Five Breast Cancer Facts

Today, we’re going to talk about breast cancer, one of the most common cancers diagnosed in women.

Cancer happens when cells in the body replicate without restriction. Usually, our bodies do a pretty good job of regulating the production of new cells to replace those that have died out. However, problems (i.e. tumors) arise when certain cells develop mutations that allow them to multiply without restriction and spread to other areas of the body.

Breast Anatomy Basics

Before we get to the facts, let’s talk about the structures inside breasts. Both males and females have breasts, but we’re going to focus primarily on female breasts here.

During puberty, the female breast develops lobules that contain cells capable of producing milk.

These cells are called (mammary) alveoli. The lobules they compose are organized into 15-20 lobes in each breast. The lobes are connected by tubes called milk ducts—lactiferous ducts, if you want to sound fancy—that carry milk to the nipple.

female-breast-lobes-and-lactiferous-ducts-2Image from Human Anatomy Atlas

Loose connective tissue (areolar tissue) connects the lobules to one another, while fatty tissue (highlighted blue in the image below) surrounds and fills the spaces between lobes.

female-breast-lobes-fatty-tissueImage from Human Anatomy Atlas

The breast and armpit also contain lymph nodes and ducts, which carry lymph fluid and white blood cells. Along with the bloodstream, lymph ducts are one of the routes by which cancer can spread (metastasize) to other areas of the body.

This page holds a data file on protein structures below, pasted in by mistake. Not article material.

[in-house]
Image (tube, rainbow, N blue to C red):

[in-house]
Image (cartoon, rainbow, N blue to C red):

female-breast-and-lymphatic-systemImage from Human Anatomy Atlas.

And now for the facts.

1. 12% of women (1 in 8) develop breast cancer during their lifetime.

In the U.S., about 237,000 cases of breast cancer are diagnosed in women each year. Additionally, 2,100 cases of breast cancer occur in men. The CDC reports that “about 41,000 women and 450 men in the U.S. die each year from breast cancer.” Because the risk of getting breast cancer increases with age, the average age of breast cancer diagnosis for women in the U.S. is 61. The average age for diagnosis in men is between 60 and 70.

2. There are multiple types of breast cancer.

The chart below details some of the types of breast cancer:

Ductal Carcinoma in Situ

An early form of breast cancer in which abnormal cells are found within the ducts of the breast but haven’t invaded surrounding tissues.

Invasive Ductal Carcinoma

Starts in the ducts of the breast but spreads to other breast tissues. Accounts for 80% of new breast cancer diagnoses.


An aggressive, rapidly progressing (but less commonly-occurring) cancer affecting the lymph system in the breast. May start as IDC. Can present similarly to an infection (breast tissue is red and feels warm).

Invasive Lobular Carcinoma

Originates in the lobules of the breasts.

Triple Negative

Occurs when cancer cells lack HER-2, estrogen, and progesterone receptors.  

3. Young women can get breast cancer. So can men.